What I’ve been reading lately: the new and the notable.

What I’ve been reading lately: the new and the notable.

Welcome to Quick Lit, where we share short and sweet reviews of what we’ve been reading lately.

This month my reading was heavily influenced by these 8 books recommended by readers with great taste. This month I also read several books I’ve been looking forward to for a long, long time, and took another stab at a book I abandoned this spring.

Series: December Quick Lit
Coming Clean: A Story of Faith

Coming Clean: A Story of Faith

Author:
This was one of my favorite nonfiction books of the year. A new release shouldn't be priced this low, so snatch it up while it lasts. More info →
Goodbye Stranger

Goodbye Stranger

Author:
I'm a big fan of Newbery winner Rebecca Stead, and the reviews on her new novel are fantastic. I was underwhelmed by the composite structure and thought the ensemble cast only worked so well, but my biggest regret has nothing to do with Stead's writing. This was the first time I handed one of her novels off to my kids (in this case, my 10-year-old) without reading it first, and boy was I sorry. The three interwoven plots tackle the Sturm and Drang of adolescence, and my daughter wasn't ready to read about cyberbullying or sexting. Not bad, but nowhere close to When You Reach Me, and definitely for middle school and older. More info →
The Listening Life

The Listening Life

Author:
I loved Adam's previous book Introverts in the Church, so I've been looking forward to this for a long time. I very much enjoyed (and at times felt painfully convicted by) this book, which explores: what listening really is (it's probably not what you think), why it's worth doing, and why it's so terribly important in a culture that never stops talking. Relatable and wise. More info →
Essays of E. B. White

Essays of E. B. White

Author:
I used to love personal essays, but it's been a while since I've cozied up with a good collection. I'm so glad I took Katie Gibson's advice and dug into this collection. In this eclectic collection he covers writing, farming, city life, puppy love, and politics, and more. My favorite essays are "Here Is New York" and "Will Strunk." The first needs no explanation; the second pays tribute to the author of The Elements of Style. More info →
A Man Called Ove

A Man Called Ove

Author:
I gave the hardback version of this debut novel a try back in the spring and abandoned it halfway through. But in October this was one of the 8 books recommended by readers with great taste. Marybeth Whalen specifically recommended the audio, so I downloaded it and started again, from the beginning. This time it hooked me. The narrators' accents—especially for Ove—are fantastic. I laughed and cried and couldn't stop listening. But do yourself a favor: don't even think about finishing this novel in a public place, and think about removing your mascara first. More info →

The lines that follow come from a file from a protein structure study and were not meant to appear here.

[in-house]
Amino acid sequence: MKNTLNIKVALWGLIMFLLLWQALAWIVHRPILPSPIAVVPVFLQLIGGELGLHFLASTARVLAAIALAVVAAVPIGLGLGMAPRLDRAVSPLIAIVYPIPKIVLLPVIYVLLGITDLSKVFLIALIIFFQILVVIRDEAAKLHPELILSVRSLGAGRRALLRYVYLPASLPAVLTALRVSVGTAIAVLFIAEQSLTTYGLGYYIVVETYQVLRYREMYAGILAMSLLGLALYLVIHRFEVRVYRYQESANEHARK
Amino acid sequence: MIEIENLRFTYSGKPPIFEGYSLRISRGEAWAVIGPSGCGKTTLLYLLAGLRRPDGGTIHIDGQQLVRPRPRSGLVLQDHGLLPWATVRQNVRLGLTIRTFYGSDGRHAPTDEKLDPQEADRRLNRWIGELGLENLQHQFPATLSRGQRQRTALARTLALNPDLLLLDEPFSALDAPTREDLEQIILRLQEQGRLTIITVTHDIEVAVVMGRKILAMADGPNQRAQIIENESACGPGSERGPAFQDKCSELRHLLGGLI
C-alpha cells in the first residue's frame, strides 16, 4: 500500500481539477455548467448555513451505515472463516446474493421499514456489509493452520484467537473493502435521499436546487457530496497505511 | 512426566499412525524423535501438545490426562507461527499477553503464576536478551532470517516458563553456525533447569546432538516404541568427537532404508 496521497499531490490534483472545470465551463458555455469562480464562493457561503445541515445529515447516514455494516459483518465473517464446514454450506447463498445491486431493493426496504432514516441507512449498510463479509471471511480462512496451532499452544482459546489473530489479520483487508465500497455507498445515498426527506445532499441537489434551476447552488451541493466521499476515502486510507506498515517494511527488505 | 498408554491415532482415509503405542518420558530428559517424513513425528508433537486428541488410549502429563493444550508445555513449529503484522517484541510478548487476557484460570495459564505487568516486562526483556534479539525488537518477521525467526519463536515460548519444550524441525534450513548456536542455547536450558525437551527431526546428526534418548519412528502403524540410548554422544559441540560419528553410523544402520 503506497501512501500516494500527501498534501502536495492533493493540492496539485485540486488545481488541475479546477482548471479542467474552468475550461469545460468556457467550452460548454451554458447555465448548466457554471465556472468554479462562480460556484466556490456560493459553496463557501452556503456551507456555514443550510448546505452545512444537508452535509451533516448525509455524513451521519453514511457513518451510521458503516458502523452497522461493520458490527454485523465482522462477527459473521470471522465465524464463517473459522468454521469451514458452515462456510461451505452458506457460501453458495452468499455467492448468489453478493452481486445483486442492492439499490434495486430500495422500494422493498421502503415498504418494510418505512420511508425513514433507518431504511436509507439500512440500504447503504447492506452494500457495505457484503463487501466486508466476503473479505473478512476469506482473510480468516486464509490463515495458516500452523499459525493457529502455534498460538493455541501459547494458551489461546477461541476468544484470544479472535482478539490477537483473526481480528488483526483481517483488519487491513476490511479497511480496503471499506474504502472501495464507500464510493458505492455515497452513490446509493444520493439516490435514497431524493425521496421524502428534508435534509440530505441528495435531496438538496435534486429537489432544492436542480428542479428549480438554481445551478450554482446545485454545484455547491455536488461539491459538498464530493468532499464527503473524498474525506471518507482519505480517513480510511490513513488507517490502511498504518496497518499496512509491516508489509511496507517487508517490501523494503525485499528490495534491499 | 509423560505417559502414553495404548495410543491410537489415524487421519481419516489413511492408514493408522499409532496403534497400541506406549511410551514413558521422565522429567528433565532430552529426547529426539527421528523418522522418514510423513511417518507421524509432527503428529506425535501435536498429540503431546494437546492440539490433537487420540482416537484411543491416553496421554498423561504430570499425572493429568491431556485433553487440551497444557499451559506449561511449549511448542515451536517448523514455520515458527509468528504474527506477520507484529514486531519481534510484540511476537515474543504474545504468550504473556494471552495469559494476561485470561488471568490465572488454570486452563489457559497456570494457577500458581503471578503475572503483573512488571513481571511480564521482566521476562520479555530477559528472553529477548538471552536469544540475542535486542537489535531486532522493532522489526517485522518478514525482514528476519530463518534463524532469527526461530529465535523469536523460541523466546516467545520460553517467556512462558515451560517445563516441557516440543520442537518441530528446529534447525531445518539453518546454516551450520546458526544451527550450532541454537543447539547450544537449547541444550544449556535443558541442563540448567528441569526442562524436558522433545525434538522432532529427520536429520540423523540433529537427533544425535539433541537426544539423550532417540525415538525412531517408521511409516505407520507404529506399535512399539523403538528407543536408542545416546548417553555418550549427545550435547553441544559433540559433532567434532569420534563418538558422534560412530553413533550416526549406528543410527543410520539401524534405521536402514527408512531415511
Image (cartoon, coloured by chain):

What have YOU been reading lately?

Share on FacebookTweet about this on TwitterPin on PinterestEmail this to someonePrint this page

56 comments

  1. Linda Stoll says:

    Yep, Introverts in the Church was a favorite, too, so Adam’s The Listening Life is definitely on my soon-to-read-in-2016 short list.

    As ever, thanks for this truly wonderfully cozy online library you’ve created, Anne. You’ve influenced my reading list this past year … and even more so, nurtured my lifetime love affair with books.

    I so appreciate you!

  2. I felt the same way about Goodbye Stranger (as I mentioned in a comment on a previous post!), but just barely missed handing it off to my daughter before reading it. I understand that those issues are very real and relevant for many mg readers, but I felt a little betrayed that no one warned me.
    I really want to find the book on listening–that sounds (sorry, the pun came out by itself) excellent!

  3. Thanks for another great week of recommendations! I’ve so enjoyed reading about books that you’ve been into this year and I look forward to seeing what you come up with next year. The Listening Life sounds excellent, something that even as an introvert I could definitely use to work on.

  4. Dana says:

    Just finished Do the Work by Stephen Pressfield. As soon as I finished it I started to re-read with a highlighter and pen in hand. So full of wisdom for a short, short book.

    Also read You are A Writer ( so start acting like one) By Jeff Goins Very short .

    I am reading:
    A Curious Mind By Charles Graver. Loving it.